Each week we compile the best announcements and developments from the world of cars. Here are the topics you can’t miss from September 3 to September 9.
3D printing the cars of the future
Stratasys Ltd., who makes 3D printers and other additive manufacturing solutions, has teamed up with Ford to explore how their technology could shape automotive manufacturing. While 3D printing has long been in use for rapid prototyping parts for cars in development, it’s never been quite enough for large-scale manufacturing. However, over the last few years 3D printing has made great advances in the size, quality, and complexity of what it can create, getting it closer to on-the-road implementation.
Ford has demonstrated a real interest in 3D printing, with their Director of Research & Advanced Engineering saying “3D printing holds the promise of changing automotive design and manufacturing because it opens up new ways to innovate and create efficiencies in production. Our vision at Ford is to make high-speed, high-quality printing of automotive-grade parts a reality.” How long will it be before we see a 3D printed Mustang?
New Toyota Supra prototype spied on the road
There’s not much information that can be gleaned from the heavily-camouflaged prototype, but it seems clear that it will stick to the Supra’s front engine/rear-wheel drive layout. The coupe will feature a sloping fastback shape, and the muscular rear haunches make it look like Toyota won’t stray far from the design of the striking FT-1 concept it showed in 2014.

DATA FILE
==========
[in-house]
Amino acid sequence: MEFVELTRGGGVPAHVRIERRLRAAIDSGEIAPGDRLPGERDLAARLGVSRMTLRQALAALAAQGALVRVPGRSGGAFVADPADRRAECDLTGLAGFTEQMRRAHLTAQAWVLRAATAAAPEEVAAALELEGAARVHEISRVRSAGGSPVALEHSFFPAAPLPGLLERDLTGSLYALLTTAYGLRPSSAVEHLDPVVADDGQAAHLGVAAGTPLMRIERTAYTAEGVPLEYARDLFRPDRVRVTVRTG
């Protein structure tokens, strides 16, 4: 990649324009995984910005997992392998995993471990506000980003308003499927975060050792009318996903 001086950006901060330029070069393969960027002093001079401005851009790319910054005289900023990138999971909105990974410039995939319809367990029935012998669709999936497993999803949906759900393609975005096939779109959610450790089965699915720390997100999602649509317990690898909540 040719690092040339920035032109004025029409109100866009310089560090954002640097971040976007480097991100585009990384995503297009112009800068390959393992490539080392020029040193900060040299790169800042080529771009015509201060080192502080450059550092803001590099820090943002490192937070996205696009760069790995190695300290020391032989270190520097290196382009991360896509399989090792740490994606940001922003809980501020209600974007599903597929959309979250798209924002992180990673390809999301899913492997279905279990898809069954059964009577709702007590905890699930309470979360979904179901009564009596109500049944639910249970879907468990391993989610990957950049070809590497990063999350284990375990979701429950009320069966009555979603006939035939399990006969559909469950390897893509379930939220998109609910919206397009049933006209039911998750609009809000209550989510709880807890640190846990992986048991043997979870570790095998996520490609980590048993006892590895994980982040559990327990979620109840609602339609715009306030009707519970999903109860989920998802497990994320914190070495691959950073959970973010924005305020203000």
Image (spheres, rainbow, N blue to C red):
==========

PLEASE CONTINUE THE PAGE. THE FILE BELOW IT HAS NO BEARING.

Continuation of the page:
Toyota is collaborating with BMW on the project, and the German brand is likely to create a replacement for it’s now-discontinued Z4 coupe on the Supra platform. While it’s not clear what might power the upcoming car, it’s likely to have a performance-tuned hybrid setup as an option.
VW engineer pleads guilty to role in diesel scandal
As the Volkswagen “Dieselgate” emissions cheating scandal continues, a guilty plea from a former engineer might set the stage for more criminal charges among the company’s managing ranks.
James Robert Liang, who played a key role in developing the emissions control defeat device at the center of the scandal, pleaded guilty to a count of conspiracy to defraud the United States, committing wire fraud, and violating the Clean Air Act. Liang, at one time Volkswagen’s Leader of Diesel Compliance, was quoted as saying "I know VW did not disclose the defeat device to U.S. regulators in order to sell the cars in the U.S… That’s what makes me guilty.”
If such a high-level engineer was aware of and knowingly hid that the defeat device was being used on hundreds of thousands of vehicles worldwide, it seems impossible that members of Volkswagen’s senior management didn’t know about it as well. Liang’s case might be a bellwether for future convictions against Volkswagen officials.
Open-top LaFerrari looks ready for the racetrack